Ico is all about its balancing acts. Leading Yorda along slows you down and inhibits you from quickly running past obstacles. However, leave her behind for too long and the shades come to claim her. She is frail and helpless while Ico is energetic and full of young life. Yorda is Ico’s only tether and Ico is Yorda’s only defense. Their juxtaposition against one another gives the game its pace, its tension and of course its narrative.
Further, there’s a balancing act between light and darkness. Many of the puzzles and environments involve the use of light, or shadow, and both of them seem like tangible substances in the castle thanks to the bloom lighting. Not only that but Yorda’s radiance even in dark places contrasts heavily with the Queen’s appearance, robed in shadowy mists. The pervading light of Ico’s environment feels like an entity, as does the dark. Their crisp opposition to one another emphasizes the struggle going on between innocence and corruption.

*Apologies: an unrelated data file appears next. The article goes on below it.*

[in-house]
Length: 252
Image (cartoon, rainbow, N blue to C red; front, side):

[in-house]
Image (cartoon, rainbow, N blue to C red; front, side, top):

As I said in the case of Journey, Ico is a work of art that is bigger than the sum of its parts. It’s focus on primordial fears and innately relatable themes as well as its reductive gameplay makes it a distinctive and memorable experience. Ico was well-received by critics and has long been lauded by those who have had the pleasure of playing it.
In an interview, director Fumito Ueda said of his work on Ico:
“It isn’t a video game — a conventional video game has things like a life meter or other icons on the screen. Ico doesn’t have these things… for Ico, at the beginning of the development period, I thought that the games industry had a negative image for many people. If I called my work a video game, people would think, ‘Well, this is just a video game, so I don’t want to play it.’ …Ico is not a conventional video game title, we set limitations on ourselves for the development of the game. We had to eliminate everything that made it look like a video game.”